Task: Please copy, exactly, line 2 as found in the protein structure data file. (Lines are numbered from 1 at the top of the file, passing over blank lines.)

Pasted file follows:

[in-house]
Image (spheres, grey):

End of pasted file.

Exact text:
Image (spheres, grey):